Speaking at a U.N. Security Council discussion about the protection of journalists, Associated Press Executive Editor and CPJ Vice Chair Kathleen Carroll remembered the 31 AP journalists who have died reporting the news and whose names grace the Wall of Honor that visitors pass as they enter the agency's New York headquarters. Most were killed covering war, from the Battle of the Little Big Horn to Vietnam to Iraq. But around the world, Carroll noted, "most journalists who die today are not caught in some wartime crossfire, they are murdered just because of what they do. And those murders are rarely ever solved; the killers rarely ever punished."

Blog

Surveillance detection for journalists in the field

Outside the Moscow apartment building of Anna Politkovskaya on the night of her murder in 2006. A ex-police officer pleaded guilty to orchestrating extensive surveillance leading to her slaying. (AP/Dmitry Lovetsky)

Much has been made recently about the digital surveillance of journalists--and rightly so--but physical surveillance remains a key tactic of security forces, law enforcement, and private entities. These operatives are monitoring journalists, gathering intelligence on them, and potentially obstructing journalists' work or putting them at risk.

July 22, 2013 8:22 AM ET

Also Available in
Русский

Tags:

Blog   |   Zimbabwe

As Zimbabwe vote nears, state media drown out others

Zimbabwean President Robert Mugabe and his wife Grace greet party supporters on their arrival at a campaign rally in Chitungiwiza, Zimbabwe, on Tuesday. (AP/Tsvangirayi Mukwazhi)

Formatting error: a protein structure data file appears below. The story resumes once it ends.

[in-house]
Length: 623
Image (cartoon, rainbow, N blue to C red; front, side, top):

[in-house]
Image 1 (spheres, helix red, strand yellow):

When Star-FM launched on June 25, 2012, it was the first time in 30 years that Zimbabweans, who have known no other radio besides the state-controlled Radio Zimbabwe, had the chance to call in to a radio station to express their views. 

Alerts   |   Somalia

Two Somali journalists shot in Kismayo

Nairobi, July 18, 2013--Two Somali journalists were wounded, one critically, when they came under fire on Wednesday while covering the aftermath of a landmine explosion in the southern port city of Kismayo, according to news reports and local journalists. The Committee to Protect Journalists calls for an immediate and thorough investigation.

Alerts   |   Zambia

In Zambia, harassment of Watchdog site continues

Cape Town, South Africa, July 17, 2013--Zambian authorities should stop their ongoing harassment of the Zambian Watchdog, a site that reports on alleged government corruption, the Committee to Protect Journalists said today. Police arrested another journalist they accused of contributing to the site, and blocked domestic access to the site for the second time, according to the Watchdog's editor and news reports.

Blog   |   Burkina Faso

Burkina Faso state media journalists protest censorship

Journalists working for state media protest Tuesday in front of the Communications Ministry in Ouagadougou against authorities' meddling in their work. (AFP/Ahmed Ouoba)

In Burkina Faso, tens of journalists from state media today held a sit-in in front of the Ministry of Communications in the capital Ouagadougou to protest what they deem to be excessive government censorship of news coverage.

Blog   |   Burundi, Gambia, Somalia, Tanzania, Zambia, Zimbabwe